DOME / КУПОЛ
Photography by Petr Antonov
Curated by Pedro Ignacio Alonso and Hugo Palmarola
Princeton University School of Architecture Gallery
February 17 - March 4, 2016
Exhibition Reception on March 1, 2016 at 7pm
In the 1960s, the work of Soviet engineer Yuri Streletski culminated in the construction of twin astronomical domes located in Santiago de Chile and Kislovodsk in the Caucasus region. Separated by 14,265 kilometers, these kin structures were nevertheless bound by invisible lines that connect and divide north from south, and east from west. Indistinguishable from one another save for slight modifications made to account for the heat of Chilean summers and the cold of Russian winters, these dome structures were constructed to protect the delicate Large Passage Instruments contained inside. In operation throughout the Cold War, Streletski’s observatories produced scrupulous studies of the Northern and Southern Hemispheres – recording the passage and position of the stars and marking the routes of future interplanetary ships that would carry man to other planets.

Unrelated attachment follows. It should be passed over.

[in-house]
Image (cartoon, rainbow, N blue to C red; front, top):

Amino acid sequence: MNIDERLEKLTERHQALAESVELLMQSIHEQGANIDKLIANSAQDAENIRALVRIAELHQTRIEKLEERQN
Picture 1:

Featuring archival materials from the Calán Hill National Astronomical Observatory in Santiago and the Pulkovo National Observatory in Saint Petersburg, along with the work of Russian photographer Petr Antonov, this exhibition explores the ways in which science and technology were designed, constructed, practiced and exchanged among global networks during the “space race” era.
On Tuesday, March 1 at 4:30pm exhibition curators Pedro Ignacio Alonso and Hugo Palmarola will lead a panel discussion titled Space Race Archaeologies bringing together specialists in architecture, technology, politics and visual culture to discuss how scientifically advanced structures designed to explore the universe –observatories, satellites, telescopes – shed light on complex political and social relations on the ground.
DOME / КУПОЛ and Space Race Archaeologies are presented by the Princeton University School of Architecture with support from the Princeton-Mellon Initiative in Architecture, Urbanism & the Humanities, and the Princeton University Art Museum.
 Science: Soviet Astronomy Activities in Chile. Unclassified Confidential Airgram No A-673, from Embassy in Santiago to Department of State (June 19, 1968), p. 2.